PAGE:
Being a vital component in the Indian economic ecosystem, real estate has been appreciated as the second largest sector that generates employment, after agriculture. With a great potential to drive the economy forward, it is estimated to expand at a rate of approximately 20% annually, by contributing nearly 5-6 % to the GDP, which is further expected to touch USD 180 billion by 2020. Apart from the direct impact on employment generation, this precinct enables the development of its ancillary industries such as cement, steel, paint, bricks and other building materials. Taking the quantum of homeless people and the government’s initiatives in providing them shelter by 2022, this sector is all set to have a long ride.
Since 2004, real estate has been witnessing tremendous ups and downs. When the developed nations observed saturation in its infrastructure segment, India exhibited unfathomable potential in the respective sector. This, followed by government’s approval for private FDI, gave nerve to many real estate investment companies to enter into the Indian market, which became an impetus for further expansion of the real estate sector in specific, and economy in general. This developmental approach spurred the country’s expedition from a developing to a developed one by expanding the state of infrastructure development, buildings, townships, shopping malls, residential and commercial complexes etc.
The sector touched its pinnacle in 2007, by displaying an extensive blooming in foreign investments than ever before. In 2008, the recession that hit the globe literally collapsed almost all developed and emerging economies. As Indian economy is more or less insulated from the repercussions in the international market, we were stationed at a safer haven. Nevertheless, Indian real estate took a reverse gear for not getting entangled in the labyrinth of economic crisis, which was followed by a drop in the regular inflow of FDI.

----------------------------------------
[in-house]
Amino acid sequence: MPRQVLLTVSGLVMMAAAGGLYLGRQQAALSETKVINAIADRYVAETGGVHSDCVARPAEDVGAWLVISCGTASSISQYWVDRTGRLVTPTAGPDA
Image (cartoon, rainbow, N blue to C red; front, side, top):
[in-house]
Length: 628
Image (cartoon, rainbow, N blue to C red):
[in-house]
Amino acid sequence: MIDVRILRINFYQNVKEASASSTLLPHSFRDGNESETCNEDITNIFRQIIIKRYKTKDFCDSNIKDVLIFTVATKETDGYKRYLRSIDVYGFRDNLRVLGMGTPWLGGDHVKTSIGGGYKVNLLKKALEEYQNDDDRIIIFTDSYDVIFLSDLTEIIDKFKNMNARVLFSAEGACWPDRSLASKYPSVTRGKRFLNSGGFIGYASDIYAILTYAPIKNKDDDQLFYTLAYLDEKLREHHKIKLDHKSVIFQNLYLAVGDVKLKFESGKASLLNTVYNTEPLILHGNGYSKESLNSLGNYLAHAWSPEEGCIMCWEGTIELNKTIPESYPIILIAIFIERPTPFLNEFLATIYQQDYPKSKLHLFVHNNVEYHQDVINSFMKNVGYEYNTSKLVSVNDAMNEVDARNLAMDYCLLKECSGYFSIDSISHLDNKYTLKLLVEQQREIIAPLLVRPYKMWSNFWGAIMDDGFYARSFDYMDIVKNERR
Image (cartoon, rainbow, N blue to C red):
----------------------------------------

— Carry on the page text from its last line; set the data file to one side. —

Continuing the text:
By 2010, union government started taking efforts in constructing affordable houses for all. Currently, the trend of owning apartments or houses are in rise, rather than staying on rent; and this gave the demand for residential segments yet another boost. In terms of FDI inflow, real estate emerged as the fourth largest sector, with the government’s progressive efforts for the embellishment of this segment. With the announcement of 100 Smart City projects; raising of FDI limits for townships, settlements development projects and the real estate projects within Special Economic Zone (SEZ) to 100 percent; guidelines for investing in Real Estate Investment Trusts (REIT) in non-residential segment; higher allocation of fund for housing and urban development etc. gave extra momentum to the field.
All the positive indications in the domain, along with the emergence of nuclear family, rapid urbanisation and rising level of household income are probably the decisive drivers for the growth of real estate in India. According to National Skill Development Corporation (NSDC), real estate and construction sector is discerned as the prime employment generator in India, with the maximum rise in human resource requirement during 2013-2022. Having profound backward and forward linkages to more than 250 ancillary industries, the sector continues its perpetual transformation from being a disintegrated to an organised sector. The growing stature of India in the global platform stipulates the sector to hold denser responsibilities on its shoulder in the years to come.